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inquiring systems for permaculture designers

Bee Beneath the Borage

We pledged to ourselves to love all sentient beings. On the field, farming for the CSA, we ran across so many creatures. Worms! The glorious worms of our earth's soil. And little black beetles, and grubs, and bees, and dragonflies, and birds too many to name here.

In the field our water-gushing hoses accidentally flushed out a nest of little youngster mice, just minding their own business so to speak in the hole in the middle of a field where we happen to have decided would be an ideal place to grow food for ourselves and people who had subscribed to our CSA.

We aided the mice as best we could and the next day the mice were gone from our rented plot; we had seen it before, in the greenhouse, where we had stumbled upon and disturbed a family of mice, and mama mouse promptly relocated everyone.

We also saw rabbits and were secretly so glad to see them, joyous really. The lettuce that you do not see at the market was eaten by a rabbit. Who exactly is getting the seconds?

We saw Colorado Potato Beetles and they made me remember Colorado, where once I hiked up a mountain. But around us now the land was flat, sculpted by glaciers just enough to gather the water into a pond where the frogs gathered. The land's grade was roughly 10 feet per 100 yards. Yet, while flat, at the end of the day, it had exerted its pressure upon us as we clung to it and tore at it with our boots and hands and tools.

Let us tell you about the tools. When using the broadfork a person's motion is similar to the motion of a downhill skier. The work is so enjoyable that it is easy to forget that it is work. The aim of the broadfork is to aerate the soil and to aerate it in a manner that damages the soil web of life in the most minimal way. Perhaps someone can tell me if this is true.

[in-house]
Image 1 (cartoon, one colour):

In my estimation the broadfork is kinder than the heavy diesel tractor towing metal. It is a matter of degree of course. Neither the broadfork or the farm tractor are exactly gentle. As far as the broadfork goes, we definitely need a way to tell the worms that the broadfork is being thrust down from above. Is there a better way? I hope you will excuse the question, as inquiring systems is a farm tool, too.

If you eat sliced potatoes grilled in olive oil and seasoned with dill, can you taste that the soil it grew in was tilled by hand? We must all decide for ourselves and for our communities. With the choice of tools and technique come profound choices. The frogs lined up on the floating plank sunning in the morning light are aware of our actions.

On Saturdays at the Farmer's Market, we sold bunches of kale. Inside each leaf of kale was part of the nature that is tucked away, around the corner and over the hill, where the bee is on the borage.

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